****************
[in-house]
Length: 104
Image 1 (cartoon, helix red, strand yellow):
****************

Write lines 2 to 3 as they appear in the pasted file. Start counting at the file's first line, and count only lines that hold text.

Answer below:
Length: 104
Image 1 (cartoon, helix red, strand yellow):